A married German couple, identified in the press only as Karl and Inge, fertilized Inge's eggs with Karl's sperm and froze them five years ago, intending to have children someday. Instead, they divorced. Inge decided to have a baby anyway, allegedly forging Karl's signature two times on paperwork in order to move forward with in-vitro fertilization—and after the baby boy was born, biological father Karl found he was legally obligated to pay child support. He sued, but a regional court in Munich ruled against him Wednesday, DW reports.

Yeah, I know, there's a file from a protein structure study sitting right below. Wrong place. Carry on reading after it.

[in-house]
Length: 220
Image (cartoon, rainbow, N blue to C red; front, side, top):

The couple had given written permission for the eggs to be frozen; in his lawsuit, Karl said he revoked his permission for them to be used after the couple's divorce, but the court ruled that he was not clear enough when he called to revoke consent. Karl also argued the clinic should instead be responsible for the child's financial support, but the court found that the clinic had no reason to question whether Karl's signature had been forged. In an odd post-script, DW notes that the court's medical malpractice section made the ruling and that it is not legally binding.